Saturday, April 20, 2019

Explaining the barricade El Niño, negligence, and suppression

"HUNGER is not an issue of charity. It is an issue of justice," Jacques Diouf, former Director General of the United Nations Food and Agriculture Organization.

First the facts: The El Niño struck hard in the province of North Cotabato since the last quarter of 2015.

300,000 hectares of crops in its 17 towns from coconuts to rubber to rice and corn had wilted or had been damaged by hungry rodents. It’s a loss of harvests amounting to 238 million pesos.

The province declared a state of calamity last January 16 this year due to this loss.

A five-percent quick response fund from the province’s calamity fund– roughly about P4 million – is to be released right away to the farmers hit by drought.

But this is where the facts hit a snag, or a roadblock of 6,000 farmers and lumads who occupied the North Cotabato Highway along Kidapawan City since Monday until Friday’s dispersal under the sweltering heat. The farmers asked: where did the calamity funds gone?

The answer lies solely on Governor Emmylou ‘Lala’ Taliño-Mendoza. Her initial response through negotiators was the promise of relief consisting of three kilos of rice for each family every month until May.

The governor said this is already distributed to the municipalities earlier and urged the farmers to go back home.

But the farmers would not take this offer, finding that a measly three kilos for a month can only last for two to three days. With crops invisible in the dry land, they wanted to see sacks of rice brought out in their presence so they can take it home.

But the response to their demand was the unthinkable on Friday. Beatings, rocks, water cannons, and bullets shot in succession from high-powered M16 and M4 rifles of the police broke the barricade and sent the farmers scampering.

Three people died on the incident, one reportedly a mere bystander. It was only after this dispersal that Governor Mendoza finally appeared in public in a press conference with some mayors and police officials.

She claimed responsibility over the incident but said she had to keep the road clear for motorists, as the permit for their protest had expired. She also blamed “outsiders” for stirring violence.

But where is their call for relief?

Mendoza explained that the release of the rice has to go through “a process” of verifying constituents. But later, local mayors interviewed by One Radio were at a loss on who should be really in charge of the relief.

The police continued hounding farmers who sought refuge in the Spottswood United Methodist Center. On Friday morning, police barged in and searched on alleged firearms used by farmers during the bloody dispersal, which produced only a police cap and a camouflaged-covered wallet.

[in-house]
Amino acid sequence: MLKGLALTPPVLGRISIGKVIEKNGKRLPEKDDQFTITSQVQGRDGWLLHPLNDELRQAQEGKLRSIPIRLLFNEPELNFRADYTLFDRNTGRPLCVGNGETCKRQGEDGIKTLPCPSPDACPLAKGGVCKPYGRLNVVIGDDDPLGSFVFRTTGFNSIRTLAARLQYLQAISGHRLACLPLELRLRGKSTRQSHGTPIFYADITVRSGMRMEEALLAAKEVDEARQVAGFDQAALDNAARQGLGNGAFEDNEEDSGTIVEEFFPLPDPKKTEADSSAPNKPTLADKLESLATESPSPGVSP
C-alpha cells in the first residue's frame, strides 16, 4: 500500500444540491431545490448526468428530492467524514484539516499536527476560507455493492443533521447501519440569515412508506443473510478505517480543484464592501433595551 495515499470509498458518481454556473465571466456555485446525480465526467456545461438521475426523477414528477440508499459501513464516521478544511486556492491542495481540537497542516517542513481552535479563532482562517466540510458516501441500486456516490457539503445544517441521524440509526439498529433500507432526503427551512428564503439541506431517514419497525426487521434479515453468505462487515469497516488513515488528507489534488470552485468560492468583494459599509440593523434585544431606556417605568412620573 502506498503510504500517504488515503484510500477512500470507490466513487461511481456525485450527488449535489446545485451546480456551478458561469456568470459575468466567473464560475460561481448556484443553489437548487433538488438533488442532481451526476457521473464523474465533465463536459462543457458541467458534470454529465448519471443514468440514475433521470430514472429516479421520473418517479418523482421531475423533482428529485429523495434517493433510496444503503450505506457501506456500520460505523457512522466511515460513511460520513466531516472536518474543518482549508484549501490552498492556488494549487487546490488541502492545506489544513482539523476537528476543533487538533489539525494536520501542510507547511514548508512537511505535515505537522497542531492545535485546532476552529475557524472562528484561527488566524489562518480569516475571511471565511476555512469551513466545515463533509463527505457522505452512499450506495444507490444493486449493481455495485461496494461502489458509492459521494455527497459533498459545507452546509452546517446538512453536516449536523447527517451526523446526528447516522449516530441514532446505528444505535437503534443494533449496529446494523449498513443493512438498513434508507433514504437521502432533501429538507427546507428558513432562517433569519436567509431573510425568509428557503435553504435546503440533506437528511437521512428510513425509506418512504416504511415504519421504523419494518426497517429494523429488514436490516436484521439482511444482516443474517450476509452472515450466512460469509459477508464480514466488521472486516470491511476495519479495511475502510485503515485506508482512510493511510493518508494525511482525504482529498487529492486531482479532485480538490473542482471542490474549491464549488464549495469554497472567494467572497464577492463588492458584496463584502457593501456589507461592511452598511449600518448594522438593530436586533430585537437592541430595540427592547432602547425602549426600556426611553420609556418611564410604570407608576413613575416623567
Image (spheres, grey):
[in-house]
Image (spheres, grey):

Some 44 people were rounded up by police and brought to the Kidapawan Gym were their mugshots were taken.

Wounded farmers in hospitals were initially barred from being visited by family members, and later prohibited media and paralegal as well.

Amidst this seeming loss of order, came Bayan Muna representative lawyer Neri Colmenares who assured legal assistance to the farmers coming from human rights lawyers.

But the biggest boost for the farmers came from Colmenares’ companion, movie star Robin Padilla, who listened and embraced some family members of farmers.

His simple message calling “their act is an inspiration to Filipinos” moved the farmers.

More help came as well as people from Davao City, Cagayan de Oro and other places responded to calls by media to donate sacks of rice delivered to the UMC doorsteps.

Amidst this citizen’s drive, Mendoza gave this warning. “Don’t I feel insulted? Don’t make this a staging ground of your propaganda. We do feel the hardship here.”

One wonders if she felt the aftermath of her fury where five people died, 116 injured, 90 missing including six minors, 44 arrested, and 6,000 beaten up farmers still hungry.

One wonders too, if local officials like her know anything in crisis management, or the empathy for farmers who have provided for the province huge income from rubber and coconuts for decades.

It is a case, as one former development worker in this province pointed out, where local officials only look at the big gains such as profits and votes but neglect the small farmers.

The big picture also includes the lack of empathy of the current administration, which has done little to the survivors of many calamities from Typhoons Pablo and Yolanda and now this.

For now, we readers can do our part, from the small acts of donating food and other needs to the victims, and join groups in their clamor for accountability on officials for their neglect and their violent response.

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